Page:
.
So I spent some time cleaning up the artwork, not perfect but it should be adequate[quoted image][quoted image]
.
With the artwork ready to go, it was time for the most difficult part of it, trying to match the colors - its tricky because part of it depends on how it was scanned and part on how my particular printer does the color. Here is the first pass without any correction, you can see the colors and brightness are way off[quoted image]
.
After several passes I had a close match, then it was time to print onto the decal paper. I purchased a set of "Laser Waterslide Clear Paper" so I could essentuially make the image a big decal I could slide onto the plastic.
Naturally the graphic would not fit on a 8.5x11 decal sheet, so I cut it in half at the thinnest point and printed the two halves out. Thats when I discovered my laser printer doesn't seem to like this paper. It leaves a ghost print that ruins the image...sigh. You can see how the red ghosts down into the yellow in the top graphic.[quoted image]
.
Fortunately I noticed that the colors seem to bleed after a couple of inches, so I turned the image 90 degrees and let the bleed happen out into the empty space, at least I had a usable image!
[quoted image]
.
With anticipation I cut out the bottom half decal and put it into the water[quoted image]
.
and successfully got it onto the plastic. It doesn't look very good though as I forgot about a critical thing, there is no "white" in laser decals, it leaves them clear! You can see in the pic that the cream-tint is there and the white of the magazine is colored as it goes through the decal but I need the white to be there as well.
[quoted image]
.
So I ripped it off and now I have to figure out if there is some way to print the white so that it will actually show up on the decal or if I should abandon the decal approach and go with a stick-on paper approach. I think there is "white" decal paper (rather than clear) but I have also read threads where people argue to use paper rather than decals.

love your work

#157 86 days ago
Quoted from mark532011:

I think there is "white" decal paper (rather than clear) but I have also read threads where people argue to use paper rather than decals.

I use the white paper as the backing so that white colors are visible. Reverse print your decal, slap it on the underside of your plastic, once cured put the white decal in place, seal with clear when dry.

before white bg (resized).jpglaying down white layer (resized).jpgStation 3 and side long piece (resized).jpg
#158 81 days ago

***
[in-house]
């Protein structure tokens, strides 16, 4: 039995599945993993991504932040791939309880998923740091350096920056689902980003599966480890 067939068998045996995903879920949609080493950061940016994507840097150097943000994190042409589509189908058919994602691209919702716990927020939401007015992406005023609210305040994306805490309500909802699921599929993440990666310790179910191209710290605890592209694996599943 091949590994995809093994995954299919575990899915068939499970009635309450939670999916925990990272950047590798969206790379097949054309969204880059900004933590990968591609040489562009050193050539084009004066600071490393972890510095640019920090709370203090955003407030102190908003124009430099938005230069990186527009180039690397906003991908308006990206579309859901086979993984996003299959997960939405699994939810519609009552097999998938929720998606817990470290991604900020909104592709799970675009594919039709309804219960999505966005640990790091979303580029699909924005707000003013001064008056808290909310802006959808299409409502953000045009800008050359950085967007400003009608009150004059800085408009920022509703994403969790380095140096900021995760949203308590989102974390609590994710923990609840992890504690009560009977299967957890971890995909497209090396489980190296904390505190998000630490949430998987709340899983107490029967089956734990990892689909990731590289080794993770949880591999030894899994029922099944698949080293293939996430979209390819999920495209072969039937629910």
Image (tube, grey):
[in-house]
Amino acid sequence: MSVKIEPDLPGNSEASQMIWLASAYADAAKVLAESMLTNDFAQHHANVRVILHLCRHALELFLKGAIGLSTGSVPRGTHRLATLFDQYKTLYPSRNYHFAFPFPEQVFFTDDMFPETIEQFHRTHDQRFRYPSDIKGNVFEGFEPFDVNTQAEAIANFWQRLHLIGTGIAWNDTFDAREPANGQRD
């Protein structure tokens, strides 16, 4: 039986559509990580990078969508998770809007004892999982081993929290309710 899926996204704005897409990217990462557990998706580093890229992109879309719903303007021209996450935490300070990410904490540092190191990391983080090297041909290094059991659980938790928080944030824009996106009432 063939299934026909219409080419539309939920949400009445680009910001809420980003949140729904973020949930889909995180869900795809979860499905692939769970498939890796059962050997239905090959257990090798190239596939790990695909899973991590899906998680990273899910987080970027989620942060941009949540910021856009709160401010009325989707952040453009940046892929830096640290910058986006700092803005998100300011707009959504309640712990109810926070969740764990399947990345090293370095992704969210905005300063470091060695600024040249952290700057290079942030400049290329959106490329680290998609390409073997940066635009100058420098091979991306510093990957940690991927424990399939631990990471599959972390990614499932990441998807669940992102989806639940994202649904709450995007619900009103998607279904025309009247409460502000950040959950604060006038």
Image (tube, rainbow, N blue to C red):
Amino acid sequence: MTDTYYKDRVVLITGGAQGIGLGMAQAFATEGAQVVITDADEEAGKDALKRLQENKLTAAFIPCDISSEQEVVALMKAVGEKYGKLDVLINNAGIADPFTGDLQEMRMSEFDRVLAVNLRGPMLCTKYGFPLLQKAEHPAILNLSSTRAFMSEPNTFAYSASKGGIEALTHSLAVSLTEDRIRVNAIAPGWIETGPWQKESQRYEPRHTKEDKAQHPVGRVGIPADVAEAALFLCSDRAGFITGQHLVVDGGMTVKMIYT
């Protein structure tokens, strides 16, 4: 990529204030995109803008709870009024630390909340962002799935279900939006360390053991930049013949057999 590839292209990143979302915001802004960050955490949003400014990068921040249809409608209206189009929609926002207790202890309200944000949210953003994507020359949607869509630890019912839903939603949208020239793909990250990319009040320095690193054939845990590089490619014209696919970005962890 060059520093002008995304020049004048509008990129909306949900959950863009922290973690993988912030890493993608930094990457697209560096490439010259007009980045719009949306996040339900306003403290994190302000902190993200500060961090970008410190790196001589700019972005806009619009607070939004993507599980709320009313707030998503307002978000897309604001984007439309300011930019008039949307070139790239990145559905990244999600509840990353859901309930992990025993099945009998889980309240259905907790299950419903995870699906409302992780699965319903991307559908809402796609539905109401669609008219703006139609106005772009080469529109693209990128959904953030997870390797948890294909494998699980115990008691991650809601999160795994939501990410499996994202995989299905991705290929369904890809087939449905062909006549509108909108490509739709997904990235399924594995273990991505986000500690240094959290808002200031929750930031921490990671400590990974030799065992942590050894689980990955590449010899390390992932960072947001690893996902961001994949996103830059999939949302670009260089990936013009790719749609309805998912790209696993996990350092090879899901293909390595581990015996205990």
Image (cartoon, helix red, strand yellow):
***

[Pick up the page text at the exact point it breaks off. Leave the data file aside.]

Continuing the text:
Quoted from Atari_Daze:

I use the white paper as the backing so that white colors are visible. Reverse print your decal, slap it on the underside of your plastic, once cured put the white decal in place, seal with clear when dry.

hah!
It is not nearly as easy as you make it sound.

My white decal paper came in and I printed out my graphic. Fortunately the printer seemed to like the paper better as it didn't bleed colors

unfortunately, attempting to get it smooth on the plastic proved nearly impossible. The decal is slightly sticky so anything pressed onto it simply makes it lift up. It wrinkles terribly and air bubbles do not come out at all, they simply slide around and even if you can get them to the edge, half the time they reoccur. I tried using the Microset product but that made the decal like wet tissue paper and I lost edges and any hope of smoothness.wetting the decalwrinklesair bubbles.
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For the second attempt, I did not try the MicroSet product and I had slightly better results. Still not what I would consider great but it was adequate. with a couple of coats of clear on it, it wasn't too bad and the defects were not too visible on the table.

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#159 81 days ago

Looking so good!

#160 80 days ago

My LED's came in yesterday. Its a simple install, they fit right into the big sockets under the blue arc and are amazingly brighter. To install them I had to disconnect the big resistor on the little board next to them - that is a "warming" resister which supposedly keeps the bulbs partially lit so they can flash faster. But it is not needed with the LED's and it keeps them lit all the time. So I simply snipped one lead and left it in place in case someone wants to revert it back to stock in the future. I don't know why anyone would want to though, the LED's are so much better!
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The bulbs are $10 each at (get the 12v ones): https://www.pilotlights.net/ge-303-led-replacement-ba15s-base-g8-sc-bayonet-34
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My original flash with the original bulbs (the flash is at about 35 seconds in)


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The new and improved flash with the LED's:

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I am still thinking I might do a custom job and make it 4 LED's across the blue arc, that would be even brighter and more impressive, but this is great for now..

#161 80 days ago

They look about as bright as stock bulbs to me - did you have 67's in there originally or 89's? The 67's were original and are plenty bright.

#162 80 days ago
Quoted from slochar:

They look about as bright as stock bulbs to me - did you have 67's in there originally or 89's? The 67's were original and are plenty bright.</blockquote

interesting, that may be the issue as they were pretty underwhelming.

#163 80 days ago

first attempt at touching up the backglass.

After a couple coats of triple-thick I wanted to try touching up the backglass. I chose the opaque black areas as that way I didn't have to worry about color matching or translucency. I picked the 2 small windows at the bottom, there was some black missing around the edge of the window and it seemed a good test.DSC00549 (resized).JPGDSC00551 (resized).JPG
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I masked the area and using createx opaque and a small paintbrush I filled it in. I used a flashlight under the glass to see where the black might be thin, allowing light to go through.DSC00554 (resized).JPG
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it seemed to work ok, so I touched up a couple of other areas where the black was cracked and missing, using the flashlight to highlight it.DSC00559 (resized).JPG